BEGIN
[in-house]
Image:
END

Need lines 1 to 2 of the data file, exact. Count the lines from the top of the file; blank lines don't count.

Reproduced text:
[in-house]
Image: